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Buxton: Lloyds Could Yield 10%

Lloyds investors should expect a dividend pay out of 5p per share, says Merian's Richard Buxton - which at a share price of 58p is a very attractive yield

Emma Wall 19 February, 2019 | 2:08PM

 

 

Emma Wall: Hello, and welcome to Morningstar. I'm Emma Wall and joining me today to give his three stock picks is Richard Buxton, Manager of the Merian UK Alpha Fund.

Hi, Richard.

Richard Buxton: Hi.

Wall: So, what's the first stock today?

Buxton: Well, all three of my stocks today are U.K. domestically-focused companies which in the light of Brexit uncertainty is interesting. So, the first is Tesco where newish Chief Executive Dave Lewis has been in there four years now. Here, it was signaled that it was going to be a five-year turnaround plan. I think that he has absolutely not put a foot wrong.

Everything is moving in the right direction in terms of he has got his pricing back and competitive, he has got consumers trust back, he has introduced new lines. And I think there's still all the benefits of the acquisition of Booker still to come through.

I met him again recently and what was very encouraging, he is already talking about what he can do for the next five years in terms of beginning to really drive the business forward. So, the balance sheet is strengthening day by day. So, I think there's a potential for it to become a really significant dividend payer over the course of the coming years.

Wall: And it is quite interesting what you say there. Over the last five years Tesco has had some significant challenges with the accounting concerns and also, with just sectorised structural stuff with the Lidl and Aldi. What does the next five years entail now that those sorts of things are slightly put to bed?

Buxton: Well, I think, yes, certainly the industry itself is getting more sensible. I mean, even the German discounters are slowing some of their expansion plans, reflecting the fact that we are essentially a mature economy. There is not that much growth to be had out of food retail. Clearly, a big influence will be whether the Sainsbury's-Asda merger is allowed or not and in what shape or form.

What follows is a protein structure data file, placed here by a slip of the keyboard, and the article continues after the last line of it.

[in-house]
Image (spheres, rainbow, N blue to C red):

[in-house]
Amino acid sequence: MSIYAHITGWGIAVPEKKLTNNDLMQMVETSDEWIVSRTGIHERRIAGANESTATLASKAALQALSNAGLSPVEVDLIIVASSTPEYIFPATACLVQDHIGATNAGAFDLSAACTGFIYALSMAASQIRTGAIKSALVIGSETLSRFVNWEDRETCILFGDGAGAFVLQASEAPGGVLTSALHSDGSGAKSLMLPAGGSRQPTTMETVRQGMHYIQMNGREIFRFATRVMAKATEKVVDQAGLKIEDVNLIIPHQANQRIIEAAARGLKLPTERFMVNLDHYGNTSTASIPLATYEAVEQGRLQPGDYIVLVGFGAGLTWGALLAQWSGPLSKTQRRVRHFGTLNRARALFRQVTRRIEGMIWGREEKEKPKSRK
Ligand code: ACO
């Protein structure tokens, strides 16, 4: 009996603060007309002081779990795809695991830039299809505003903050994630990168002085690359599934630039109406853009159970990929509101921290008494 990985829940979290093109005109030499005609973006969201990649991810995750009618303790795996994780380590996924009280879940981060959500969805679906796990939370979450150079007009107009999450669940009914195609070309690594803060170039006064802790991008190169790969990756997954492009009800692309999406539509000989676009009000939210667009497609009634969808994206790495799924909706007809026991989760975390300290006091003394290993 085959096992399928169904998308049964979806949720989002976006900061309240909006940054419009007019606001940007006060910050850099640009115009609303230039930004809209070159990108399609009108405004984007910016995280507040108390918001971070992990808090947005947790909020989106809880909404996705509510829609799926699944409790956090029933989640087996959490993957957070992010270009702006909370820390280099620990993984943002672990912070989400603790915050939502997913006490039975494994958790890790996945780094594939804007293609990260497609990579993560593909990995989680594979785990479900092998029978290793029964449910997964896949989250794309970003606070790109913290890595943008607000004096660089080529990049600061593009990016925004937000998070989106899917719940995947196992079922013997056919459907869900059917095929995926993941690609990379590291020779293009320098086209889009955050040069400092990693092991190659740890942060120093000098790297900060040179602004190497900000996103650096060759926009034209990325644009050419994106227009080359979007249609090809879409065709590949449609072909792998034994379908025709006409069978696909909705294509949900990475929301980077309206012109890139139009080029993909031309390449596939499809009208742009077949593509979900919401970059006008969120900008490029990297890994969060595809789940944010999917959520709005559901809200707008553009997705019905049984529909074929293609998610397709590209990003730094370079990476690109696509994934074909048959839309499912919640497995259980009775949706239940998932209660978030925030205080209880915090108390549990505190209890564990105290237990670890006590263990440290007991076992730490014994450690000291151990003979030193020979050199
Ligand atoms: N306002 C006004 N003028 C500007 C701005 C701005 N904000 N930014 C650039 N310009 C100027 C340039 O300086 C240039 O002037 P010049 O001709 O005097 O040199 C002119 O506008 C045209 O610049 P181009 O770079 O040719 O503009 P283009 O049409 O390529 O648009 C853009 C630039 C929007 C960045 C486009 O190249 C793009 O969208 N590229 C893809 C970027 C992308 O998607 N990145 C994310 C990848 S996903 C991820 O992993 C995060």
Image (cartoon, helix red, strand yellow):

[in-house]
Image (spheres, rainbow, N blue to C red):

But if that is allowed to happen in whatever form, if some of the stores that they are required to sell are picked up by Morrisons, Aldi, Lidl, then again, it will become a much more sort of orderly market where they won't be constantly throwing down new space and sort of knock spots off each other. It will be a much more sort of sensible market. It will still be incredibly competitive. Don't get me wrong, but I just think that you won't have the persistency of the space race which was really a problem for the sector for many years.

Wall: And what's the second stock today?

Buxton: The second stock today is Whitbread which clearly having sold Costa Coffee to Coca-Cola for a very substantial price is now purely focused on hotels. It's the owner of Premier Inn, Britain's leading budget hotel brand. There's still lots of optionality for that business in terms of growth here in the U.K., but they have also started putting a toehold into the German market. The German market has lots of long-term opportunity for them.

It's a very fragmented market, lots of mom and pop operators, but a very budget orientated market as well. So, I think, the scope for them over the next five years to really begin to roll out Premier Inn in Germany gives this fabulous longevity.

Wall: And what's the third stock pick?

Buxton: The third stock is an old favorite of mine. It's Lloyds Bank. At the moment, it is sort of going up and down on Brexit news and perceptions. But I think, again, get beyond Brexit then actually the earnings power of this bank is in no way reflected in the valuation. It's a hugely capital generative bank now. The opportunity there for it to continue to both buy back shares and offer very significant dividend growth I don't think is reflected in the valuation. They still trade at a modest discount to book value.

Wall: And you hinted there – do you expect the dividend will be raised over coming years, because Lloyds used to be a stalwart of any income portfolio, but then it absolutely fell from favour?

Buxton: Yes, of course. No, I think, it very much will be able to crank out dividends. I mean, with the shares trading where they are today, I can understand why they are devoting some of the money to buying back stock. But I think at the fullness of time this is a bank that could be generating dividends of 5p a share perhaps, which you know, on today's 56p share price, you know, that's pretty compelling.

Wall: Richard, thank you very much.

Buxton: Thank you.

Wall: This is Emma Wall for Morningstar. Thank you for watching.

The information contained within is for educational and informational purposes ONLY. It is not intended nor should it be considered an invitation or inducement to buy or sell a security or securities noted within nor should it be viewed as a communication intended to persuade or incite you to buy or sell security or securities noted within. Any commentary provided is the opinion of the author and should not be considered a personalised recommendation. The information contained within should not be a person's sole basis for making an investment decision. Please contact your financial professional before making an investment decision.

About Author

Emma Wall  is former Senior International Editor for Morningstar

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